A specialist in land-use policy, Somers cut his teeth as a fisheries biologist with the Tulalip Tribes.
He said he was undecided about whether to run against Lovick until it came time to file for office in May. The councilman said he could no longer stand by and watch Lovick ignore the county’s financial challenges or the policy nuances of the executive’s office.
Lovick, 64, is a former sheriff, state lawmaker and Mill Creek city councilman who is retired from a career with the Washington State Patrol.
He was appointed executive in June 2013 to replace Aaron Reardon, who resigned after a series of scandals.
Initially, Lovick enjoyed an outpouring of goodwill. Supporters highlight his compassion and positive leadership style.
Nine months after taking office, Lovick helped lead the county through its worst disaster ever, the Oso mudslide. Later in 2014, Lovick easily won an election against Sultan Mayor Carolyn Eslick, a Republican, to fill out the final year of Reardon’s unexpired term.
Somewhere along the way, Lovick’s relationship soured with three of the five county council members, including Somers.
The council chairman and other elected leaders said Lovick squandered a chance to fix problems Reardon left behind.
They faulted him for a lack of grounding in nitty-gritty policy issues, for poor personnel decisions and, like his ally Sullivan, for siding with the machinists union against Boeing.
Mark Ericks, who served as Lovick’s deputy executive until resigning in September, feuded with Somers and two other council members and unleashed obscenity-laced tirades against them at staff meetings. An investigator hired by the council concluded that Ericks created a hostile environment with his inappropriate comments, but did not violate any laws or policies, in part because he was an exempt employee.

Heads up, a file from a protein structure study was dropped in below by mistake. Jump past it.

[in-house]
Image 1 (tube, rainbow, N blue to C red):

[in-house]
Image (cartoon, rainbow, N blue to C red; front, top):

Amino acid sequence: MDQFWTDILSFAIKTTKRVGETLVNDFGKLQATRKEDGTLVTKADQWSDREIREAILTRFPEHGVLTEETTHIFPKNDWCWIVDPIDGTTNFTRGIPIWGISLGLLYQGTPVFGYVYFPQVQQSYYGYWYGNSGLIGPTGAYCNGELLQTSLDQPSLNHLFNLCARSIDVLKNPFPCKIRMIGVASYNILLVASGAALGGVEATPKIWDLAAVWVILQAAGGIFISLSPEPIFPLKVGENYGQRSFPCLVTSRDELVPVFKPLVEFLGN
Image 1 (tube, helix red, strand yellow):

Somers’ critics say that after 14 years in office, he shares some of the blame for the current government dysfunction. That includes bad council-executive relations under both Lovick and Reardon, as well as the moribund plans to build a new county courthouse.
In the August primary, Somers and Lovick advanced from a five-candidate field. A big question heading toward the general election was how the Democrats would divvy up the third of the primary electorate that supported the two Republicans and an independent candidate.
The winner of the executive’s job has some unenviable tasks ahead in managing the state’s third largest county, with about 2,800 employees and an operating budget of about $226 million.
The biggest challenge may be what to do about the county courthouse. Plans for an eight-story courthouse across the street from the county’s administration buildings fell apart earlier this year because of concerns over costs and parking.
Lovick recommended stepping away from the project and reducing the taxes that were supposed to pay for construction bonds. He supports using some of the bond money for emergency repairs to keep the existing 1967 courthouse building in use.
Somers said the old courthouse still needs to be replaced. He said it’s premature to cut taxes until elected leaders decide what to do about it.
There’s also the matter of repairing damaged relations. If the winner can’t restore peace with other elected officials, then political infighting will remain the norm.